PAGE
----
It can serve fish and chips but it’s no fry truck.
Camosun College’s culinary arts program is launching a first, a food truck that will be student run and serve food on campus and in the community, hopefully starting in June.
Its cuisine will range in style from wraps, to burgers, to salads and French fries. It gives students a professional cooking environment. Chef Steven Walker-Duncan, program chair for Camosun’s culinary arts program said the truck will serve food on both Camosun’s Interurban and Lansdowne campuses. He’ll be careful the truck doesn’t compete directly against the local food truck community, though it will entertain going to certain events.
“It’s the only food truck in a culinary program that we’ve heard of, at least in Western Canada, and I’ve heard we’re envied for it,” said Walker Duncan.
The food truck trended has grown rapidly across North America in the last two decades, particularly because the barrier of entry is easier and more flexible than a brick and mortar restaurant. The costs are up to two thirds less and if the location isn’t working, a truck can find a new one.
For the past few months the truck has been undergoing a refit in the newly upgraded Camosun trades buildings at Interurban and currently sits behind the Centre for Trades and Innovation.
— Camosun College (@Camosun) January 17, 2018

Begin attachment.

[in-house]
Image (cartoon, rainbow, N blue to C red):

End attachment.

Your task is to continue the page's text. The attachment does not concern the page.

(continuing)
A former FedEx vehicle, it had already undergone the transition to food truck when Camosun purchased it. However, it was packed with deep fryers, which have since been replaced (worry not, there’s still a fryer). The college has also refit most of the truck’s kitchen old equipment with new stoves and the various apparatus, vents and hood fans, that are necessary to cook the type of foods it will offer.
“We didn’t see the FedEx logo until we pulled off the old graphics,” Walker-Duncan said.
Students in Camosun’s visual arts program are designing a wrap that will cover most of the truck’s sides, and a unique one for the front, Walker-Duncan said.
It’s an interdisciplinary project with several Camosun programs having a hand in it, Walker-Duncan said.
“Everybody is having a hand in it, the hood fans were reconfigured by the sheet metal department, electrical students are swapping in a new electrical panel, it’s an encompassing project.”
Among those chipping in are students from the graphic novel design program, who are designing a graphic wrap for the truck.
“The wrap will include all the different departments as though they are in line waiting for food,” Walker-Duncan said. “You’ll see students from welding, sheet metal, business, marketing and more in an eye-catching original piece.”